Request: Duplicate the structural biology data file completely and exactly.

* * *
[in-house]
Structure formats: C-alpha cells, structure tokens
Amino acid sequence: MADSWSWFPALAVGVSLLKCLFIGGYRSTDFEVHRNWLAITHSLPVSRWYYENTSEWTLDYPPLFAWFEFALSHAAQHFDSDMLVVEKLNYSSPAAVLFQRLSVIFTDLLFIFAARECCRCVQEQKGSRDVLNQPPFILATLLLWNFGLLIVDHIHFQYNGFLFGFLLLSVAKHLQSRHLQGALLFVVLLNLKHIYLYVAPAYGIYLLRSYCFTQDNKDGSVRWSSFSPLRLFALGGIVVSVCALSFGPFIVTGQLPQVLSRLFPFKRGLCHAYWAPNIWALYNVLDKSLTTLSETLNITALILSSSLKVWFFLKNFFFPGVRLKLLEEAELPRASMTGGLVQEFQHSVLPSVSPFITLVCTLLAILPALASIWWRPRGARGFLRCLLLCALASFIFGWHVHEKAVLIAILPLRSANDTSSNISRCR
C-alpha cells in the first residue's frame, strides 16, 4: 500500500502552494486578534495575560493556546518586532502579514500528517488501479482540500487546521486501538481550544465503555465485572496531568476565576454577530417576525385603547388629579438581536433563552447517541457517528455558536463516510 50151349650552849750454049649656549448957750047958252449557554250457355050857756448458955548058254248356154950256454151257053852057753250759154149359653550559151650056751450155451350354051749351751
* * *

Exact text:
[in-house]
Structure formats: C-alpha cells, structure tokens
Amino acid sequence: MADSWSWFPALAVGVSLLKCLFIGGYRSTDFEVHRNWLAITHSLPVSRWYYENTSEWTLDYPPLFAWFEFALSHAAQHFDSDMLVVEKLNYSSPAAVLFQRLSVIFTDLLFIFAARECCRCVQEQKGSRDVLNQPPFILATLLLWNFGLLIVDHIHFQYNGFLFGFLLLSVAKHLQSRHLQGALLFVVLLNLKHIYLYVAPAYGIYLLRSYCFTQDNKDGSVRWSSFSPLRLFALGGIVVSVCALSFGPFIVTGQLPQVLSRLFPFKRGLCHAYWAPNIWALYNVLDKSLTTLSETLNITALILSSSLKVWFFLKNFFFPGVRLKLLEEAELPRASMTGGLVQEFQHSVLPSVSPFITLVCTLLAILPALASIWWRPRGARGFLRCLLLCALASFIFGWHVHEKAVLIAILPLRSANDTSSNISRCR
C-alpha cells in the first residue's frame, strides 16, 4: 500500500502552494486578534495575560493556546518586532502579514500528517488501479482540500487546521486501538481550544465503555465485572496531568476565576454577530417576525385603547388629579438581536433563552447517541457517528455558536463516510 50151349650552849750454049649656549448957750047958252449557554250457355050857756448458955548058254248356154950256454151257053852057753250759154149359653550559151650056751450155451350354051749351751